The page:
There are many large credit unions that are available nationally, but even those tend to have only a few branches, primarily in major cities.

That’s to say that if in-person service is important to you, you’ll need to find a credit union close to home. And even still, know that you’ll be pushed to online or phone support when you travel.

Fortunately, like online banks that serve virtual customers, most credit unions have apps and online tools that make it easy to skip the branch and bank from almost anywhere.

Account insurance

Most reputable banks are insured through the FDIC (Federal Deposit Insurance Corporation). The equivalent federal agency for credit unions is the National Credit Union Administration (NCUA).

Just like FDIC insurance, NCUA insures deposits up to $250,000.

In the spirit of serving their members, some credit unions go a step further with additional insurances. This can help account holders get coverage for larger balances.

It’s also important to note that while it’s best, as a general rule, to bank with a federally insured bank or credit union, both can alternatively be insured privately.

Just be sure to know these details and do your research!

Which Credit Union Should I Join?

While it can sometimes feel like the big national banks all blur together, most credit unions have a unique focus and values, which can influence which services and programs they offer.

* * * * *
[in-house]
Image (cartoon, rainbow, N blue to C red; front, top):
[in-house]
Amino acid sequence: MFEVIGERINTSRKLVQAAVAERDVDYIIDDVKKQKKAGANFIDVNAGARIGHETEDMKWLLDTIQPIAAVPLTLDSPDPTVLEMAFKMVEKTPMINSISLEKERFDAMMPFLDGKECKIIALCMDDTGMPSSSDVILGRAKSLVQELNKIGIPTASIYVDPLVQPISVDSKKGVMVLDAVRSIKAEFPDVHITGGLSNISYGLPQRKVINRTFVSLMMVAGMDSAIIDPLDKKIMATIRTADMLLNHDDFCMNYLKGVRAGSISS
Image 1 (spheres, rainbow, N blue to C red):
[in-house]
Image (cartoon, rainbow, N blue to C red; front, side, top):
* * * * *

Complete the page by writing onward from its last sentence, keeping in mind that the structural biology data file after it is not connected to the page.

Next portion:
To that end, there are two broad aspects you should consider when choosing the best credit union.

1. Financial Services

First and foremost, a credit union needs to meet your financial needs. Like choosing a bank, you should consider things like:

  • Types of accounts offered
  • APY rate on savings and checking accounts. Credit unions typically offer higher rates than traditional banks, but not always.
  • Their fee structure
  • Loans and mortgage products (and if they offer competitive loan rates)
  • Features and ease of use of online and mobile banking
  • Branch and ATM locations

2. Values and unique services

When comparing credit unions that equally meet your needs financially, you should then consider the credit union’s mission and the unique services or programs they offer as a result.

For example, some target military families, service workers, charitable giving, etc. If any of these align specifically with you, that can be a huge advantage over a traditional bank.

Other credit unions serve a local community. The “community” can be based on geographic location, employer, or membership in a group, such as place of worship, school, labor union, or homeowners’ association. Even without special programs, many credit union members appreciate knowing that banking with their credit union helps other members in their community. For example, your savings can become another member’s loan.

Once you’ve chosen a credit union, it’s time to join. More on that next.

How Do You Join a Credit Union?

Joining a credit union is different from opening a bank account. Joining a bank is pretty simple – you apply for an account or other financial products and services, and that’s it. (Of course, that’s oversimplifying the process a tiny bit – in reality, a bank may take your application and run a soft credit check, and then decline you if your credit score is too low).

Credit unions, on the other hand, follow an entirely different procedure.

To sign up for any of the products and services a credit union offers, you first need to become a member.